Veteran Benefits and Resources in Tennessee
Known by its most popular nickname, “The Volunteer State,” Tennessee received its nickname during the War of 1812, when volunteer soldiers from Tennessee displayed marked valor in the Battle of New Orleans. Today more than 504,000 veterans call Tennessee home, and their honorable service has earned them numerous benefits that can make life healthier and more affordable.
If you are just starting to access your benefits or need help following up on a claim, a great place to start is your local Veteran Service Officer (VSO). These are trained professionals who are familiar with state and federal veteran benefits, claims processes and required documents, and updated legislation affected veterans and their dependents. The Tennessee Department of Veterans Services has nine VSO field offices throughout the state to assist veterans. Additionally, in order to serve 95 Tennessee counties, County Service Officers (CSO) also provide assistance. Check with your local courthouse for the contact information for your CSO, or contact the VSO nearest you for additional information.
Accessing quality health care is always a top priority for veterans and their families, and the U.S. Department of Veterans Affairs (VA) has four main medical centers in Tennessee, in Memphis, Mountain Home, Murfreesboro, and Nashville. These facilities offer a wide range of ambulatory care, primary care, and secondary care in acute medicine and surgery, specialized tertiary care, outpatient care, and a full range of extended care and mental health services. The Nashville campus is the only VA facility that supports all solid organ transplant programs, including total in-house kidney and bone marrow transplants. Additional programs are offered for caregivers, female veterans, returning veterans, and veterans at risk for or experiencing homelessness. Veterans and their families can use the facilities’ websites to check eligibility, make and change appointments, and learn more about the billing process. Additionally, veterans can find care closer to home at the five VA outpatient clinics and the 18 community-based outpatient clinics spread throughout the state. These locations work closely with the larger facilities when referrals are needed.
If you are a veteran who enjoys the outdoors, you may be eligible for several benefits and discounts to help you experience the recreational features of the state. For example, veterans with 30% or more war service connected disabilities can receive a free hunting and fishing license after a one-time fee of $10. Additionally, during the off-season, (November 1 through March 31), all Tennessee resident veterans receive discounts on camping fees at the same discounted rates offered to Tennessee senior campers. The Tennessee Department of Environment and Conservation also offers one annual Free Day where veterans (with proper ID) can enjoy free entrance and use of all state parks including state golf courses.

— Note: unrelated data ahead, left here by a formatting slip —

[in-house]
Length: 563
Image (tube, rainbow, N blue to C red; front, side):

For Tennessee senior veterans looking for long-term housing and care options, the state offers four veterans homes, in Humboldt, Knoxville, Murfreesboro, and the newest facility in Clarksville. These facilities offer skilled nursing, rehabilitation, and physical/occupational/speech therapy to residents as well as activities and programs that promote physical skills and social interaction. Recreational, cultural, and intellectual activities are planned on a daily basis for both individuals and large groups. Gardening, holiday celebrations, day trips, and other activities that promote a home-like atmosphere are offered, and needed services like dental care, and wheelchairs are provided. Eligible residents must be eligible for VA medical care and meet certain Tennessee resident requirements; certain spouses or family members may be eligible as well, as well as Tennessee God Star Parents. Costs are based on income.
A veteran’s honorable service to his or her country earns full honors at the time of death at no cost to his or her family, including burial, perpetual care, a government headstone or marker, a burial flag, and a Presidential Memorial Certificate. Some veterans may also be eligible for Burial Allowances. Tennessee veterans who participated in active duty may also be eligible for the Tennessee Fallen Heroes Medal, awarded by the governor or the governor's designee to the immediate survivor of the recipient, along with the veteran’s name being entered on the case of the Tennessee Fallen Heroes Medal. Tennessee is home to five national veterans cemeteries, and three state veterans cemeteries. Interment for veterans is free in most cases, and eligible spouses or dependents may be also be eligible under certain conditions and for a small fee. These locations are perpetually cared for and offer a peaceful setting for reflection and visiting loved ones.
Tennessee Veterans Benefit for Assisted Living
The Aid and Attendance pension benefit is available to Tennessee senior veterans and their spouses to help pay for senior care like assisted living, home care, or nursing home care. Here is more information on how the Aid and Attendance benefit helps Tennessee veterans.
Written by Megan Hammons